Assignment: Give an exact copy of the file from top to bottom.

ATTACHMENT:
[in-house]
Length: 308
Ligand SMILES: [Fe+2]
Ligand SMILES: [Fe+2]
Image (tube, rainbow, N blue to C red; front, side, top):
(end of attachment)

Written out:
[in-house]
Length: 308
Ligand SMILES: [Fe+2]
Ligand SMILES: [Fe+2]
Image (tube, rainbow, N blue to C red; front, side, top):